Etiquette in Battle Royale Scenarios / by Bryce Hidysmith

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Recently, battle royale gametypes have become significantly more common in video games. Frequently, there is an etiquette assumption that forming teams is inappropriate. Teams currently unbalance the battle royale mode, but likely would not unbalance them if players were more strategically rational than they currently are in any of these games. This limited strategic rationality has introduced a semi-functional equilibrium state. 

If there are no teams, then there is no strategy better than playing Fabian. (Note: it might not quite technically be pure Fabian as they do not take costs from simply moving. However, rather obviously, avoiding conflicts means that other, more aggressive players take out more of each other before you are ever put into battle, and unless there is some benefit to battle, it makes a great deal more sense to just stay avoidant and peripheral.) However, if there are teams, then Fabian is no longer the dominant strategy as playing aggressively is incentivized to disrupt premeditated alliances. In such a scenario, the objective becomes attempting to link to a benevolent alliance as fast as possible, avoiding being taken out by the random placements on the map. It seems as though the normalized equilibrium assumes that the majority of players will be emotionally volatile enough to not actually have the will to play Fabian and gain enjoyment from avoidance, letting the few Fabian-enjoying players gain an advantage in thoughtfulness, whereas the more volatile players are likely more addicted and have a comparable advantage from built-up reflex. The fact that these games are simple entertainment means that there is no reason for them to gain the "escape velocity" to start producing metagame strategies from their reasonably strategically symmetrical equilibrium state.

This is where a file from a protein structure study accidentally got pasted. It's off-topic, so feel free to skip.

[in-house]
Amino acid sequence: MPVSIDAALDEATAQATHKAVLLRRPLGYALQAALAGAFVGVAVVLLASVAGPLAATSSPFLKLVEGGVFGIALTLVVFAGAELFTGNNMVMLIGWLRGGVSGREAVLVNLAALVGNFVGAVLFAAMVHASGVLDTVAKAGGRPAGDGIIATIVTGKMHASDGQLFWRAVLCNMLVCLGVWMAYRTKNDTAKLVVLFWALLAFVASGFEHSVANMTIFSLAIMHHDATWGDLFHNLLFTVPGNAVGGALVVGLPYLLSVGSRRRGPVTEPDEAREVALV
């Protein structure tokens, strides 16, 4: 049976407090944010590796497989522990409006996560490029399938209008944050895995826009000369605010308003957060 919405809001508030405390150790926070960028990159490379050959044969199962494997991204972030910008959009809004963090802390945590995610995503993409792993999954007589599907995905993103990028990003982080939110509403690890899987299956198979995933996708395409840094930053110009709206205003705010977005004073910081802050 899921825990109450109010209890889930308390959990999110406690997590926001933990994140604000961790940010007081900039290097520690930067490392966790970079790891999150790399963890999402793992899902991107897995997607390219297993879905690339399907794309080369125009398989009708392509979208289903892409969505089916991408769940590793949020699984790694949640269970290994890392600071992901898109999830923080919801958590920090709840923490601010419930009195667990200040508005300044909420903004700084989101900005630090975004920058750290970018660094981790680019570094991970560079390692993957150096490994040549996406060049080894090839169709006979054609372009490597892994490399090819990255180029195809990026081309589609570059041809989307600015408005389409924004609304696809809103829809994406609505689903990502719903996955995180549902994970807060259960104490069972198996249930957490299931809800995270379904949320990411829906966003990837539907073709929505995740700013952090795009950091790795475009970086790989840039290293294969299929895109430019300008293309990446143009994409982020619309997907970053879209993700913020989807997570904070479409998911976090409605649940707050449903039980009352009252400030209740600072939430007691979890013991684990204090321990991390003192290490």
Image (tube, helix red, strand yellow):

This seems to have a direct extension into other fields that might be viscerally enjoyable, but the visceral enjoyment might remove the possibility for second to nth order strategies being built in the metagame on the primary gameplay. This also probably explains most of the reason why it seems that only simulations that do not provide much visceral experience (MMOs, Minecraft) ever produce the kind of discipline one would actually need to produce strategic—rather than simply tactical—behavior in a virtual environment. There is something a bit disconcerting to the fact that the dominance of video games has not actually trained strategic foresight into the majority of its participants. Instead, it seems to have produced purely tactical reaction, contributing to the atomization of individuals and producing coordination models similar to the swarm-behavior found in the current Tumblr/4Chan design consensus when similar designs have been applied to other UX problems. This seems to be the entrainment of the (post-)millennial generation, and I am sorry for our lots.